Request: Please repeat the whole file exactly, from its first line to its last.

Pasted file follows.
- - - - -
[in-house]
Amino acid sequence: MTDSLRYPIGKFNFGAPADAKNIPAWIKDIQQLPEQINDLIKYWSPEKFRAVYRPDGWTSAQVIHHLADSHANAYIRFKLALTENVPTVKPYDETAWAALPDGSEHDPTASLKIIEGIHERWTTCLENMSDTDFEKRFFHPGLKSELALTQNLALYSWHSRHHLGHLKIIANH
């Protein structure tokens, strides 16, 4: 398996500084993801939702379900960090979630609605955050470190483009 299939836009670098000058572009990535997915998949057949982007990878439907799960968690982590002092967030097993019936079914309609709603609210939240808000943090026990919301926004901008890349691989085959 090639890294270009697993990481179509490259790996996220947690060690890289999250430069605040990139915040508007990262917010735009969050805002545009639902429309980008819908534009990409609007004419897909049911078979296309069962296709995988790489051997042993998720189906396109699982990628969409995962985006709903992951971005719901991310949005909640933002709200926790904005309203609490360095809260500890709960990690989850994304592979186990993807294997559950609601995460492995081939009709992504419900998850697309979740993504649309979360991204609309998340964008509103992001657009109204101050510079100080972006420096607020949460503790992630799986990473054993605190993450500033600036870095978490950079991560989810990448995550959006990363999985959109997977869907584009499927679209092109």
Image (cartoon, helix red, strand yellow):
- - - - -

[in-house]
Amino acid sequence: MTDSLRYPIGKFNFGAPADAKNIPAWIKDIQQLPEQINDLIKYWSPEKFRAVYRPDGWTSAQVIHHLADSHANAYIRFKLALTENVPTVKPYDETAWAALPDGSEHDPTASLKIIEGIHERWTTCLENMSDTDFEKRFFHPGLKSELALTQNLALYSWHSRHHLGHLKIIANH
């Protein structure tokens, strides 16, 4: 398996500084993801939702379900960090979630609605955050470190483009 299939836009670098000058572009990535997915998949057949982007990878439907799960968690982590002092967030097993019936079914309609709603609210939240808000943090026990919301926004901008890349691989085959 090639890294270009697993990481179509490259790996996220947690060690890289999250430069605040990139915040508007990262917010735009969050805002545009639902429309980008819908534009990409609007004419897909049911078979296309069962296709995988790489051997042993998720189906396109699982990628969409995962985006709903992951971005719901991310949005909640933002709200926790904005309203609490360095809260500890709960990690989850994304592979186990993807294997559950609601995460492995081939009709992504419900998850697309979740993504649309979360991204609309998340964008509103992001657009109204101050510079100080972006420096607020949460503790992630799986990473054993605190993450500033600036870095978490950079991560989810990448995550959006990363999985959109997977869907584009499927679209092109």
Image (cartoon, helix red, strand yellow):